Adopted October, 1876. Election of Judges of Probate and term of office.
Adopted October, 1876. In article VIII of amendments, the word "white" shall be erased from the first line.
Adopted October, 1880. Nomination of Judges by Governor, appointment by General Assembly.
Adopted October, 1884. Section 1. State officers to be elected bi
ennially after November, 1886. 2. How long their offices shall be
held. 3. Pay of General Assembly not to
exceed $300 for their term, and one
mileage each way of twenty-five cents
mile, when the regular session of the General Assembly shall
begin. 5. The Senators elected on the
Tuesday after the first Monday of November, 1885, shall hold their offices only until the Wednesday after the first Monday of January, 1887.
Adopted October, 1877. In regard to increasing the pay of officers and employes.
Adopted October, 1877. No city, county, town, borough, or other municipality shall ever subscribe to the capital stock of any railroad corporation, etc.
Adopted October, 1886.
PREAMBLE. The people of Connecticut, acknowledging with gratitude the
good providence of God in having permitted them to enjoy a free government, do, in order more effectually to define, secure, and perpetuate the liberties, rights, and privileges which they have derived from their ancestors, hereby, after a careful consideration and revision, ordain and establish the following Constitution and form of civil government:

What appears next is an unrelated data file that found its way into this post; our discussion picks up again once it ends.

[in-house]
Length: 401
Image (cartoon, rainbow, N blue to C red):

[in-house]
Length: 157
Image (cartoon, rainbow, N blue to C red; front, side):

Declaration of Rights. That the great and essential principles of liberty and free government may be recognized and established,
WE DECLARE, Section 1. That all men, when they form a social compact, are equal in rights; and that no man or set of men are entitled to exclusive public emoluments or privileges from the comwunity.
Sec. 2. That all political power is inherent in the people, and all free governments are founded on their authority, and instituted for their benefit; and that they have at all times an undeniable and indefeasible right to alter their form of govern. ment in such a manner as they may think expedient.